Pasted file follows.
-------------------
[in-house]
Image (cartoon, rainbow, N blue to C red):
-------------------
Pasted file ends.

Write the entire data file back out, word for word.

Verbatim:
[in-house]
Image (cartoon, rainbow, N blue to C red):